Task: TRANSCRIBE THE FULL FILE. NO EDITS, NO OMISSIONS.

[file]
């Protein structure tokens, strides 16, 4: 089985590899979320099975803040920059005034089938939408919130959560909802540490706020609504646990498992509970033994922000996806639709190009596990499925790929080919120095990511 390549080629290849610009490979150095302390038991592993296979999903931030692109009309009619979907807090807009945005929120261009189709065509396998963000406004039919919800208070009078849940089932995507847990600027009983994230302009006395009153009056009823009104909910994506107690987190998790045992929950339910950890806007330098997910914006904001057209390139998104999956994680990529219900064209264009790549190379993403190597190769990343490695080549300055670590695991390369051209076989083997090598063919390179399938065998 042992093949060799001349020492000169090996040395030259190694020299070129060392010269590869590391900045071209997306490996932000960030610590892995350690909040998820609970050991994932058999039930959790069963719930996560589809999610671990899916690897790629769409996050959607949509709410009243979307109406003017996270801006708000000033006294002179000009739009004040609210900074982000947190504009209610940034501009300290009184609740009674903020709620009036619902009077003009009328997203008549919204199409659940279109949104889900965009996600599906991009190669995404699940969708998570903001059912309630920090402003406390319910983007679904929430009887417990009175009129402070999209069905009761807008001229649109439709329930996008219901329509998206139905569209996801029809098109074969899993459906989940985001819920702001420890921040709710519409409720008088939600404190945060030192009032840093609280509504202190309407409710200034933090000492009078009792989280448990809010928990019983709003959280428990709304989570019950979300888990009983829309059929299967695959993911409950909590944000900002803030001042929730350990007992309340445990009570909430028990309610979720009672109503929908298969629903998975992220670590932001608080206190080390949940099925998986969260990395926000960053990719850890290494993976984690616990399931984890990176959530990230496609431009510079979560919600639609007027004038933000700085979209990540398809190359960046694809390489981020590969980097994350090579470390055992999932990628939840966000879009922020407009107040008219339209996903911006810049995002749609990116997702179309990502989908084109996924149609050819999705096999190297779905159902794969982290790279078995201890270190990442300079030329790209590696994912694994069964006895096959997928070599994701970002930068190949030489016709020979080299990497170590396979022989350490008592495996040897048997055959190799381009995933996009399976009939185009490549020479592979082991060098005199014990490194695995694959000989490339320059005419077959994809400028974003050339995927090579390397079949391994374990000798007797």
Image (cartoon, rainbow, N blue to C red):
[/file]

């Protein structure tokens, strides 16, 4: 089985590899979320099975803040920059005034089938939408919130959560909802540490706020609504646990498992509970033994922000996806639709190009596990499925790929080919120095990511 390549080629290849610009490979150095302390038991592993296979999903931030692109009309009619979907807090807009945005929120261009189709065509396998963000406004039919919800208070009078849940089932995507847990600027009983994230302009006395009153009056009823009104909910994506107690987190998790045992929950339910950890806007330098997910914006904001057209390139998104999956994680990529219900064209264009790549190379993403190597190769990343490695080549300055670590695991390369051209076989083997090598063919390179399938065998 042992093949060799001349020492000169090996040395030259190694020299070129060392010269590869590391900045071209997306490996932000960030610590892995350690909040998820609970050991994932058999039930959790069963719930996560589809999610671990899916690897790629769409996050959607949509709410009243979307109406003017996270801006708000000033006294002179000009739009004040609210900074982000947190504009209610940034501009300290009184609740009674903020709620009036619902009077003009009328997203008549919204199409659940279109949104889900965009996600599906991009190669995404699940969708998570903001059912309630920090402003406390319910983007679904929430009887417990009175009129402070999209069905009761807008001229649109439709329930996008219901329509998206139905569209996801029809098109074969899993459906989940985001819920702001420890921040709710519409409720008088939600404190945060030192009032840093609280509504202190309407409710200034933090000492009078009792989280448990809010928990019983709003959280428990709304989570019950979300888990009983829309059929299967695959993911409950909590944000900002803030001042929730350990007992309340445990009570909430028990309610979720009672109503929908298969629903998975992220670590932001608080206190080390949940099925998986969260990395926000960053990719850890290494993976984690616990399931984890990176959530990230496609431009510079979560919600639609007027004038933000700085979209990540398809190359960046694809390489981020590969980097994350090579470390055992999932990628939840966000879009922020407009107040008219339209996903911006810049995002749609990116997702179309990502989908084109996924149609050819999705096999190297779905159902794969982290790279078995201890270190990442300079030329790209590696994912694994069964006895096959997928070599994701970002930068190949030489016709020979080299990497170590396979022989350490008592495996040897048997055959190799381009995933996009399976009939185009490549020479592979082991060098005199014990490194695995694959000989490339320059005419077959994809400028974003050339995927090579390397079949391994374990000798007797």
Image (cartoon, rainbow, N blue to C red):